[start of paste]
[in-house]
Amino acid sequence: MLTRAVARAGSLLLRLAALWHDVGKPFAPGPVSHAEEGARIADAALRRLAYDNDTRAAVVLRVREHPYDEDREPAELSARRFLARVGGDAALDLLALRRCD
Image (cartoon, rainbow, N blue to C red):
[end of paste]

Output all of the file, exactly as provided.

[in-house]
Amino acid sequence: MLTRAVARAGSLLLRLAALWHDVGKPFAPGPVSHAEEGARIADAALRRLAYDNDTRAAVVLRVREHPYDEDREPAELSARRFLARVGGDAALDLLALRRCD
Image (cartoon, rainbow, N blue to C red):